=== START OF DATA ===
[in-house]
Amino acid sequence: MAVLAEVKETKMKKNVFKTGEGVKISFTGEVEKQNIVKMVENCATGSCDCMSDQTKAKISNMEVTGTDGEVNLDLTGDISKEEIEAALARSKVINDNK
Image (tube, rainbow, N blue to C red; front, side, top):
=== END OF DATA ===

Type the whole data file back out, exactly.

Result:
[in-house]
Amino acid sequence: MAVLAEVKETKMKKNVFKTGEGVKISFTGEVEKQNIVKMVENCATGSCDCMSDQTKAKISNMEVTGTDGEVNLDLTGDISKEEIEAALARSKVINDNK
Image (tube, rainbow, N blue to C red; front, side, top):